author | Peter F. Patel-Schneider <pfpschneider@gmail.com> |

Sun, 09 Jun 2013 09:28:04 -0700 | |

changeset 832 | 994c80a52937 |

parent 831 | 026eab0d94aa |

child 833 | cabfe9583550 |

Editorial changes in response to Ivan's comments; fix up wording in Appendix B a bit

rdf-mt/index.html |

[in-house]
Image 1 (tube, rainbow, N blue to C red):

--- a/rdf-mt/index.html Sun Jun 09 08:45:14 2013 -0700 +++ b/rdf-mt/index.html Sun Jun 09 09:28:04 2013 -0700 @@ -294,8 +294,8 @@ - <p>The denotation of a ground RDF graph in I is then given by the following - rules, where an interpretation is treated as a function from expressions (names, triples and graphs) to semantic values:</p> + <p>The denotation of a ground RDF graph in an interpretation I is then given by the following + rules, where the interpretation is also treated as a function from expressions (names, triples and graphs) to semantic values:</p> <div class="tabletitle">Semantic conditions for ground graphs.</div> @@ -432,7 +432,7 @@ If S entails a finite graph E, then some finite subset S' of S entails E. <!-- <a href="#compactlemmaprf" class="termref"> [Proof]</a> --> </p> -<p>The property described here is called <em>compactness</em>. RDF is compact. As RDF graphs can be infinite, this is sometimes important.</p> +<p>The property just above is called <em>compactness</em> - RDF is compact. As RDF graphs can be infinite, this is sometimes important.</p> <p class="fact"> If E contains an IRI which does not occur anywhere in S, then S does not entail E.</p> @@ -1151,9 +1151,12 @@ <section class="appendix"><h2 id="proofs">Finite interpretations (Informative)</h2> <p>To keep the exposition simple, the RDF semantics has been phrased in a way which requires interpretations to be larger than absolutely necessary. For example, all interpretations are required to interpret the whole IRI vocabulary, and the universes of all D-interpretations must contain all possible strings and therefore be infinite. This appendix sketches, without proof, how to re-state the semantics using smaller semantic structures, without changing any entailments. </p> -<p>Basically, it is only necessary for an interpretation structure to interpret the <a>name</a>s actually used in the graphs whose entailment is being considered, and to have a universe which contains referents for all the <a>name</a>s and blank nodes, plus a random member of each nonempty class or type, in order to provide for the truth of existential assertions made using blank nodes. Formally, we can define a <dfn>pre-interpretation</dfn> over a <a>vocabulary</a> V to be a structure I similar to a <a>simple interpretation</a> but with a mapping only from V to its universe IR, and when considering whether G entails E, consider only pre-interpretations over the finite vocabulary of <a>name</a>s actually used in G union E. The universe of such a pre-interpretation can be restricted to the cardinality N+B, where N is the size of the vocabulary and B is the number of blank nodes in the graphs. Any such pre-interpretation may be extended to <a>simple interpretation</a>s all of which which will give the same truth values for any triples in G or E. Satisfiability, entailment and so on can then be defined with respect to these finite pre-interpretations, and shown to be identical to the ideas defined in the body of the specification.</p> -<p>When considering D-entailment, pre-interpretations may be kept finite by weakening the semantic conditions for datatyped literals so that IR need contain literal values only for literals which actually occur in G or E, and the size of the universe restricted to (N+B).(D+1), where D is the number of recognized datatypes. (A tighter bound is possible.) For RDF entailment, only the finite part of the RDF vocabulary which include those container membership properties which actually occur in the graphs need to be interpreted, and the second RDF semantic condition is weakened to apply only to values which are values of literals which actually occur in the vocabulary. For RDFS interpretations, again only that finite part of the infinite container membership property vocabulary which actually occurs in the graphs under consideration needs to be interpreted. In all these cases, a pre-interpretation of the vocabulary of a set of graphs may be extended to a full interpretation of the appropriate type without changing the truth-values of any triples in the graphs.</p> -<p>The whole semantics could be stated in terms of pre-interpretations, yielding the same entailments, and allowing finite RDF graphs to be interpreted in finite structures, if this <em>finite model property</em> is considered important. + +<p>Basically, it is only necessary for an interpretation structure to interpret the <a>name</a>s actually used in the graphs whose entailment is being considered, and to consider interpretations whose universes are at most as big as the number of names and blank nodes in the graphs. More formally, we can define a <dfn>pre-interpretation</dfn> over a <a>vocabulary</a> V to be a structure I similar to a <a>simple interpretation</a> but with a mapping only from V to its universe IR. Then when determining whether G entails E, consider only pre-interpretations over the finite vocabulary of <a>name</a>s actually used in G union E. The universe of such a pre-interpretation can be restricted to the cardinality N+B, where N is the size of the vocabulary and B is the number of blank nodes in the graphs. Any such pre-interpretation may be extended to <a>simple interpretation</a>s, all of which which will give the same truth values for any triples in G or E. Satisfiability, entailment and so on can then be defined with respect to these finite pre-interpretations, and shown to be identical to the ideas defined in the body of the specification.</p> + +<p>When considering D-entailment, pre-interpretations may be kept finite by weakening the semantic conditions for datatyped literals so that IR need contain literal values only for literals which actually occur in G or E, and the size of the universe restricted to (N+B).(D+1), where D is the number of recognized datatypes. (A tighter bound is possible.) For RDF entailment, only the finite part of the RDF vocabulary which includes those container membership properties which actually occur in the graphs need to be interpreted, and the second RDF semantic condition is weakened to apply only to values which are values of literals which actually occur in the vocabulary. For RDFS interpretations, again only that finite part of the infinite container membership property vocabulary which actually occurs in the graphs under consideration needs to be interpreted. In all these cases, a pre-interpretation of the vocabulary of a set of graphs may be extended to a full interpretation of the appropriate type without changing the truth-values of any triples in the graphs.</p> + +<p>The whole semantics could be stated in terms of pre-interpretations, yielding the same entailments, and allowing finite RDF graphs to be interpreted in finite structures, if the <em>finite model property</em> is considered important. </section>